I Am a Robot: New AI Can Defeat CAPTCHA Tests

CAPTCHAs have been protecting websites from bot activity for the past couple of decades, but that reign might come to an end with new AI that mimics human perception. (Image credit: Ars Electronica/Flickr)

The line between human and robot blurred a bit further this week: a powerful new artificial intelligence (AI) has enough human-like recognition capabilities to defeat CAPTCHA.

CAPTCHAs are those frustrating online tests that challenge you to identify fuzzy-looking letters and numbers – which automated bots supposedly can't recognise. Only now they can, thanks to a new type of neural network that more closely approximates human perception.

An AI startup, Vicarious, has developed a program that shifts the way AI learns.

Rather than being trained up on thousands of images or pre-labelled As, Bs, Cs, and so on in order to distinguish the letters of the alphabet, the RCN [Recursive Cortical Network] uses algorithms that enable it to generalise – detecting patterns in contours and surfaces, and able to separate instances of objects even when they overlap.

The RCN achieved 90 percent accuracy in deciphering CAPTCHAs and proved 300 times more data-efficient than traditional deep learning AI during testing - all the way back in 2013.

Since then, the researchers have been refining the technology, and held off on explaining how the system works – which is now outlined in a new paperpublished last week – partly because CAPTCHAs were still in common usage.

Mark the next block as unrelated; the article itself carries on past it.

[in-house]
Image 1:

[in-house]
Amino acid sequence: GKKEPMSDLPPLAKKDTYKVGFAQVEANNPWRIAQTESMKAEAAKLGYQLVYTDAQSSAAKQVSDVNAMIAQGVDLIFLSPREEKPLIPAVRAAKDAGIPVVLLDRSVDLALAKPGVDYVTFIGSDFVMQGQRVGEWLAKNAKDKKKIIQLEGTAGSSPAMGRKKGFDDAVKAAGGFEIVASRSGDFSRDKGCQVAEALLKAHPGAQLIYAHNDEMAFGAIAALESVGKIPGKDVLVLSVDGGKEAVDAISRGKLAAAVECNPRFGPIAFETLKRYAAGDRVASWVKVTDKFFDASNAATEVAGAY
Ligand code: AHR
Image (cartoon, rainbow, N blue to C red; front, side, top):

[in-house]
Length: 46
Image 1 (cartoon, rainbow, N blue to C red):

As online security moves away from text-based CAPTCHAs to other visuals, the end was likely coming even without Vicarious's announcement.

"We're not seeing attacks on CAPTCHA at the moment, but within three or four months, whatever the researchers have developed will become mainstream, so CAPTCHA's days are numbered," security researcher Simon Edwards from tech security firm Trend Micro told the BBC.

Vicarious co-founder Dileep George said the goal was not to defeat CAPTCHA or cause its demise:

"Robots need to understand the world around them and be able to reason with objects and manipulate objects," George told NPR. "So those are cases where requiring less training examples and being able to deal with the world in a very flexible way and being able to reason on the fly is very important, and those are the areas that we're applying it to."

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